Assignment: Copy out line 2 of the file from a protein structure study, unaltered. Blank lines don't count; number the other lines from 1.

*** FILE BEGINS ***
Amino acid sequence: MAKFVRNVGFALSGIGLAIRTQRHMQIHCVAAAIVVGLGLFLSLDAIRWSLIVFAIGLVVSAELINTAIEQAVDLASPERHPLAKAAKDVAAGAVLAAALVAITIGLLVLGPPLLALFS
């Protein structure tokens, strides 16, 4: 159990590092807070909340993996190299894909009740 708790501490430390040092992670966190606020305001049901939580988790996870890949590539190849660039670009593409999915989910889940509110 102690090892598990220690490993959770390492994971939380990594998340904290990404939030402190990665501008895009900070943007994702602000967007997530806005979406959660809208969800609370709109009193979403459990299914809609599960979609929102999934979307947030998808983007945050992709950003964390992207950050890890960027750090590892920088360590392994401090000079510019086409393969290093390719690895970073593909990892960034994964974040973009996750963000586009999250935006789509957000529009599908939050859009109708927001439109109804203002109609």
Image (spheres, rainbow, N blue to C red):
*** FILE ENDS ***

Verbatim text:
């Protein structure tokens, strides 16, 4: 159990590092807070909340993996190299894909009740 708790501490430390040092992670966190606020305001049901939580988790996870890949590539190849660039670009593409999915989910889940509110 102690090892598990220690490993959770390492994971939380990594998340904290990404939030402190990665501008895009900070943007994702602000967007997530806005979406959660809208969800609370709109009193979403459990299914809609599960979609929102999934979307947030998808983007945050992709950003964390992207950050890890960027750090590892920088360590392994401090000079510019086409393969290093390719690895970073593909990892960034994964974040973009996750963000586009999250935006789509957000529009599908939050859009109708927001439109109804203002109609």